There are a few nice incidental audio touches that I noticed, particularly when I played through a headset. When you nail a chorus and your playing stock is high, the audience sings along with you. This feature is a little lost in the background when playing on a normal TV though and I feel that more could have been made of it.
Visually, the game has had more of a facelift than your average 80s ageing rock star. The crowd are quite a bit more realistic than the previous titles but the band themselves still appear to be styled on something from a Gorillaz video. Again, this feels like more of a missed opportunity.
It’s the gameplay that should get you hooked though. Fans of the previous incarnations should be lapping this up, even if the only official way to get a proper mic is to shell out on the full band set up. This won’t appeal to many however as it’ll either be a solo play through the rags to riches campaign or a full on party experience with your friends and copious amounts of alcohol.
Let’s face it, the Rock Band title has oodles of playability. Even if you’ve got the rhythm of the average X-Factor contestant, you’ll find picking up a guitar and following the colours a pretty simple affair, especially with the initial difficulty levels beings so simple. The vocal pickup is more forgiving and the introduction of the freestyle modes adds that little bit of personalisation to your favourite songs. You could do worse than picking up Rock Band 4 and if its that comforting hug of familiarity you need from your music game, this will be the title for you.
We bought our own copy of the game to bring you this review.
Harmonix announced today that a selection of classic 80s tracks will be coming to the Rock Band™ 4 Music Store this Tuesday, including music from Depeche Mode, INXS, and Naked Eyes.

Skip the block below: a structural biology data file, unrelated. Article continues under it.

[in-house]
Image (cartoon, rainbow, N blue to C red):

Rock Band 4 players can celebrate the 80s with these classic tracks, starting with Depeche Mode’s “People Are People,” the group’s first breakout single in the United States, released in 1984. INXS’s 1985 Billboard Hot 100 hit “What You Need” will also be added to the Rock Band Music Store. Finally, Naked Eyes’ popular 1980s take on the catchy “Always Something There To Remind Me” rounds out this week’s Music Store releases.
Each track can be purchased individually.
Mad Catz Interactive, Inc. also announced today the start of pre-orders for the all-new Rock Band 4USBMicrophone, expected to ship in time for Christmas 2015.
Designed to enhance the Rock Band 4 gameplay that enables up to three vocalists to harmonize in-game, with the stage-grade Rock Band 4USB Microphone players can jump into music and join the fun. Boasting a wide dynamic range and high Signal to Noise Ratio (SNR), the Rock Band 4USB Microphone provides a studio like experience for at-home singing sessions. Upgraded frequency response provides distortion-free vocals, ensuring that your voice is heard with utmost clarity, and the extended-length 15 foot USB cable provides plenty of room to rock around your living room!